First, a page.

Using libgdx with Scala

Scala is a functional, object-oriented programming language for the JVM that works seamlessly with Java libraries, frameworks, and tools. It has a concise syntax and a REPL, which makes it feel like a scripting language, but it is being used in mission critical server software at companies like Twitter and LinkedIn.

Scala developers usually choose either Gradle or SBT as their build tool. This tutorial shows how to set up either of them to start using LibGDX. You may choose which one to use according to your own preferences.

Due to how GWT works you will not be able to use the HTML5 target with Scala

Using libGDX and Scala with Gradle

The default build created by the gdx-setup.jar tool is the best place to start when going the Gradle route. A repo with the required modifications to the default “blank” gdx project can be found here: gdx-scala-demo. These changes have been outlined below.

In order to support Scala compilation you need to update the build with a couple of additions:

  • /gradle.properties
    • Increase the heap used by gradle (otherwise you might have trouble compiling for iOS).
  • /build.gradle
    • Add the Scala plugin to the project(":core") section: apply plugin: "scala"
    • In the dependencies include the scala library: compile "org.scala-lang:scala-library:2.11.12" (Scala 2.12.* requires java 8, but the majority of Android devices don’t support it)
  • /core/build.gradle
    • Apply the scala plugin at the top of this file.
    • optional Set the src directory for scala files: sourceSets.main.scala.srcDirs = [ "src/" ]
  • /android/build.gradle
    • In the android section (top of the file) you need to add the following:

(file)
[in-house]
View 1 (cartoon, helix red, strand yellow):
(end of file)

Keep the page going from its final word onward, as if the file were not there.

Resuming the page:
lintOptions {
            abortOnError false // make sure you're paying attention to the linter output!
        }
      
        // FIXME: How can we apply this simply for all builds? Copy-pasta makes me sad.
        buildTypes {
            release {
                minifyEnabled true
                proguardFile getDefaultProguardFile('proguard-android-optimize.txt')
                proguardFile 'proguard-project.txt'
            }
            debug {
                minifyEnabled true
                proguardFile getDefaultProguardFile('proguard-android-optimize.txt')
                proguardFile 'proguard-project.txt'
            }
        }
      
  • /android/proguard-project.txt
    • In order for Proguard to work you need to add the following lines:

        -dontwarn sun.misc.*
        -dontwarn java.lang.management.**
        -dontwarn java.beans.**
      
    • It might also be required to then change the line -dontwarn com.badlogic.gdx.jnigen.BuildTarget* to -dontwarn com.badlogic.gdx.jnigen.*

With all of these changes in-place you should be able to use Gradle exactly as you would otherwise from the shell or your favorite IDE.

Using libGDX and Scala with SBT

The standard tooling for working with Scala is quite different than what Java developers will be used to. There is a project, libgdx-sbt-project, that provides a simple path for getting started with libGDX and Scala using standard build tools and best practices.

This tutorial assumes you have installed sbt 0.13, which are used in the Scala community for generating and interacting with projects.

Setting up a new project

In your favourite shell type:

$ sbt new ajhager/libgdx-sbt-project.g8

After filling in some information about your project, you can start placing your game’s source files and assets in common/src/main/scala and common/src/main/resources, respectively.

NOTICE The setup above might not be working with iOS build. If you want to use MobiDevelop’s fork of RoboVM, then one should use

  1. this fork of sbt-robovm, you need sbt publish-local this plugin yourself for now.
  2. this fork of project template and use sbt-robovm and RoboVM version 2.3.0. Then it will resolve to the plugin that get publish-localed

Managing your project

Update to the latest libraries:

$ sbt
> update 

Run the desktop project:

> desktop/run

Package the desktop project into single jar:

> assembly

Run the android project on a device:

> android/start

Visit android-plugin for a more in-depth guide to android configuration and usage.

Run the ios project on a device:

> ios/device

Visit sbt-robovm for a more in-depth guide to ios configuration and usage.

Using unit tests

Run all unit tests from desktop, android and common (subdirectories src/test/scala):

> test

Run specific set of unit tests:

> common/test

In most cases you will be able to open and edit each sub-project (like common, android or desktop), but you still need to use SBT to build the project.

See here for details about sbt plugins for each editor.

Other resources

Develop Games in Scala with libgdx